Campaign 2010

May 14, 2004

Matsui Enters the Fray

From CongressDaily:

Is Your Partisanship Showing? Democratic Congressional Campaign Committee Chairman Robert Matsui of California told CongressDaily Thursday that Defense Secretary Rumsfeld should resign—a comment that will likely fuel Republican charges of Democratic partisanship as Capitol Hill struggles to deal with the fallout from the Abu Ghraib prison abuse scandal. Matsui is the second-highest ranking House Democrat to call for the resignation—joining House Minority Leader Pelosi—since the story broke two weeks ago. “I think [Rumsfeld] has made too many mistakes,” said Matsui. “We need a fresh look at [Iraq] in order to get it right,” he added, “and as much as I respect [Rumsfeld], I don’t think he can accomplish that.”

Both parties are lobbing charges of election-year politicking as Iraq policy and accountability over prisoner abuse dominate debate in Congress. GOP members and aides say Democrats are using “politics and not policy” to make judgments on Iraq, pointing to Pelosi’s call for Rumsfeld’s resignation even before he testified to the House and Senate Armed Services committees, as well as a DCCC e-mail petition circulated within hours of Pelosi’s announcement calling for Rumsfeld’s resignation. “I don’t see anything wrong with [the petition], it’s a way for representative government to have a voice,” Matsui said.

But Republicans argue that a campaign committee is not the appropriate venue to have that voice. “[Democrats] can’t say this isn’t about winning elections when they call for Rumsfeld’s resignation in an e-mail that has links to a site where you can donate money to the DCCC,” said a senior House GOP aide.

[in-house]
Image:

For their part, Republicans have seized on any Democratic critiques of the war or the handling of the prisoner crisis, with House Majority Leader DeLay leading the highly charged rhetoric. DeLay has proclaimed that “the national Democratic Party has declared its surrender in the war on terror,” and that “Democrats are more concerned about winning the White House than winning the war on terror.” During his weekly meeting with reporters Tuesday, DeLay said that Democratic policies contributed to the Sept. 11, 2001, terrorist attacks. “We tried it their way, and we got 9/11,” he said. Matsui characterized DeLay’s recent comments as “McCarthy-like,” adding, “[DeLay] makes such outlandish statements with nothing to base it on.”

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